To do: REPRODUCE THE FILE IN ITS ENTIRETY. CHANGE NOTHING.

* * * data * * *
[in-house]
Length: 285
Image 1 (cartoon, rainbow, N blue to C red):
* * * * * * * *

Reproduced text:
[in-house]
Length: 285
Image 1 (cartoon, rainbow, N blue to C red):